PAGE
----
Networking Windows® 7 & Windows® XP
Things to keep in mind while networking computer systems that have Windows® 7 and Windows® XP operating systems
You might face problems while sharing files or connecting to peripheral devices if the operating systems (OS) installed on the networked computer systems are Windows® 7 and Windows® XP. For instance, if your computer is connected to office network and is running on Windows® 7, whereas the other systems in the network have Windows® XP then you might experience problems while sharing files or hardware devices like printer with them.
Here is a description of how you can network computer systems with Windows® XP and Windows® 7 operating systems, and the issues you can face while doing so:
- How to network Windows® XP with Windows® 7?
- Things to consider while networking Windows® XP with Windows® 7
- Issues related to networking
How to network Windows® XP with Windows® 7?
Before networking two PCs that have Windows® XP and Windows® 7 operating systems, make sure that the systems are members of the same workgroup i.e., they are members of the same network. Then, on the Windows® 7 OS go to Control Panel All Control Panel Items Network and Sharing Center, and then, click on ‘Change advanced sharing settings’. According to your preference, turn off or turn on the ‘Public folder sharing’ and ‘Password protected sharing’. If you want to keep the ‘Password protect sharing’ enabled make sure that there is a log in account for the other Windows® XP machines and they have a password. Once this is done, go into ‘Network’ in Windows® 7. There, if you can see both your Windows® XP machine and Windows® 7, then it mean that the networking is successful.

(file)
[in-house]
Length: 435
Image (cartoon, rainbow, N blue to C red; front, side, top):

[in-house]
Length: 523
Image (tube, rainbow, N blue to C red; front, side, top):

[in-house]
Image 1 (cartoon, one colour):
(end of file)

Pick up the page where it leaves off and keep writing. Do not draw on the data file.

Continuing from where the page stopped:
Things to consider while networking Windows® XP with Windows® 7
Both the computer systems that have Windows® XP and Windows® 7 operating system should be a part of the same network if you want to share files and peripheral device between them. If your PC is old it might be using a less-secure file system FAT32, so make sure that you are using NTFS (New Technology File System). Although Windows® automatically installs and enables the protocol for file and printer sharing, but still we suggest you to double-check it as it could be accidentally disabled. Secondly, make sure that the computer system with which you want to share files is connected to the same network to which you are connected.
The major problem that you might experience while networking Windows® XP and Windows® 7 is while dealing with printers that have a different set of drivers for each OS. There is no solution to get rid of this problem. We would recommend you to try to connect it to one system, and if the drivers still do not work, hook it up to the other computer and see if that works. There are many different brands of printers available in the market, and each printer manufacturer is different. Therefore, Windows® does not always automatically install the correct drivers for the device.